It is not too early to teach independence. Whenever my 8 year old cousin gets ready for school I never hear him ask for money. My aunty explained that she gives him his weekly pocket money at the beginning of each week and he never asks again till the next week.
The creativity of your child and entrepreneurial abilities, I think, stem from how much you let her have of her life.

Do the needful to make your child feel and be important. Their opinions matter. Trust her with things, trust her to do things, and don’t belittle her. Give her pocket money to manage. Teach her how to spend and how to manage. In doing these you are raising a genius!

Photo Credit: Dreamstime | Photoeuphoria

A media enthusiast. Book lover and big time thinker! I love life, love, laughter, family and fun! Freelance content writer. Can be reached via email [email protected]

14 Comments

  1. No set rules dear

    December 20, 2015 at 5:15 pm

    In as much as this article seems to be a good one, please have your children first. Foremost, before talking about independence. Please pray and hope for a child/children with good health, I mean over all health.
    Heard of the saying one man’s meat is another man’s poison? Those so called docile relatives of your, to their own mother or father are well behaved. Some people actually do not Iike kids who when they enter a place turn it up side down. The so called docile, can have all the above good things you talked about, and same way the sharp kids lose out as adults. Best way to raise your child/children is to be an example of that which you pray and HOPE to see in their future

    • Cindy

      December 21, 2015 at 8:52 am

      You lost me at “please have your children first”. So it is only when you have kids yours start learning the principle to raise them by? No wonder so many parents lose it. There’s is nothing bad in before-the-job training.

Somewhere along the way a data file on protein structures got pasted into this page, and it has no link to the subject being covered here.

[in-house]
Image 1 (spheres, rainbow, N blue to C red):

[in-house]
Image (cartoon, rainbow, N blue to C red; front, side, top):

• Hey Cindy

      December 21, 2015 at 4:19 pm

      I think her have children first meant, then you would actually realize there Are no set rules, not to say she can’t have an opinion. Have you not seen when people have kids their actual approach to parenting changes. I had an aunt who when single will beat all of us her nieces and nephews, she gets married struggles to have kids and no one dares touch her kids o, her approach changed fast and later when the oldest was diagnosed with a life altering challenge see kind and nice aunty !!

  2. Spunky

    December 20, 2015 at 8:28 pm

    I’m yet to be a parent but It shouldn’t prevent me from giving my two cents opinion. I like smart kids. I marvel at their level of confidence. Truth be said, from observation, I feel a lot of kids are being pushed too fast. I’m all for having your kids act smart and all that…but parents need to be careful as to the extent of exposure they plunge their kids way. I understand everything about life comes in phases. I would encourage parents to let their kids be kids for a minute. I don’t mean to digress from your write up which I really like, just saying a lot of parents all in a bid to outdo themselves, tend to put too much pressure on children…I believe a few will get me. Well done!

  3. Anne

    December 20, 2015 at 9:52 pm

    Nice article with lots to learn. I like the money management part. Those children we call docile may actually be jumpy in their hearts but have learnt to behave carefully when they are not in their own territory. Jumpy children can actually annoy some other people. I really like your mum’s reply though. That’s a wise mother. Also you better give your children abstinence and Twakando education before they go stay with relatives these days. Times have changed.

    • Sherry

      December 21, 2015 at 6:50 am

      Seconded!

  4. bokun

    December 20, 2015 at 11:48 pm

    Depending on age, docility in children could actually be a red flag. 2 year olds are supposed to be little scientist,;they are discovering the world around them, so have a natural instinct to explore. They don’t do it to annoy. It’s a stage of development. They are supposed to feel secure enough to explore and make sense of their world. I read the book “why love matters” by Sue Gerhardt it was recommended to me by a health visitor. It really openned my eyes to child development and how parenting can create Einstein, muderous Hitler, life long doormats, confident articulate productive individuals. It’s all in the parenting. There are no short cuts in parenting, Parenting is a TOUGH JOB. Kudos to all those parents out there keeping it real.